Deconjugating enzymes (DCEs) are proteases that process ubiquitin or ubiquitin-like gene products, reverse the modification of proteins by a single ubiquitin or ubiquitin-like protein (UBL) and remodel polyubiquitin (or poly-UBL) chains on target proteins (Reyes-Turcu et al., 2009). The deubiquitylating - or deubiquitinating - enzymes (DUBs) represent the largest family of DCEs and regulate ubiquitin dependent signalling pathways. The activities of the DUBs include the generation of free ubiquitin from precursor molecules, the recycling of ubiquitin following substrate degradation to maintain cellular ubiquitin homeostasis and the removal of ubiquitin or ubiquitin-like proteins (UBL) modifications through chain editing to rescue proteins from proteasomal degradation or to influence cell signalling events (Komander et al., 2009). There are two main classes of DUB, cysteine proteases and metalloproteases. Ubiquitin specific protease 14 (USP14) is a member of the cysteine protease enzyme family and cloning of the gene was first described by Deshpande et al. (1996). USP14 is a proteasome–associated DUB enzyme. Mammalian proteasomes are associated with three DUBs: USP14, UCHL5 (UCH37) and RPN11 (POH1). UCHL5 and USP14 reside on the 19S regulatory particle and remove ubiquitin from the substrate before substrate degradation whereas RPN11's activity is delayed until the proteasome is committed to degrading the substrate (Lee et al., 2010). Ubiquitin-tagged substrates are degraded by the 26S proteasome, which is a multi-subunit complex comprising a proteolytic 20S core particle capped by 19S regulatory particles (Wang et al., 2007). The approval of bortezomib for the treatment of multiple myeloma validated the 20S core particle as an anticancer drug target. Recent experiments have now shown that the 19S regulatory particle is also a potential anticancer drug target (D'Arcy et al., 2011). Alterations in USP14 can lead to proteasome dysfunction and neurological disease. Recent in vitro experiments show that USP14 can also stabilize the expression of over-expressed, disease-associated proteins such as tau and ataxin-3 (Jin et al., 2012). A number of other studies over the years have implicated USP14 in cancer. Ishiwata et al., (2001) first found that the USP14 expression was upregulated in leukemic cells, Shinji et al., (2006) found that the USP14 expression in colorectal cancer is associated with liver and lymph node metastases and Chuensumran, et al., (2011) that USP14 expression is associated with intrahepatic cholangiocarcinoma cell differentiation. A recent review by Wu et al. (2013) also reports that USP14 is a tumour-promoting factor and a promising therapeutic target for non-small cell lung cancer (NSCLC).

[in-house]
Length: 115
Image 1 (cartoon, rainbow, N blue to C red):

The DUB activity of USP14 is known to be activated by proteasomes and alone USP14 has little DUB activity and as such may be used as a control in experiments alongside those performed with proteasome-activated USP14: Such experiments are typically performed using a proteasome preparation where the native DUBs - including USP14 - have been removed and/or inactivated before the proteasome preparation is added back to recombinantly expressed USP14.
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Wu N, Liu C, Bai C, Han YP, Cho WC and Li Q (2013) Overexpression of Deubiquitinating Enzyme USP14 in Lung Adenocarcinoma Promotes Proliferation through the Accumulation of beta-Catenin. Int J Mol Sci 14, 10749-10760.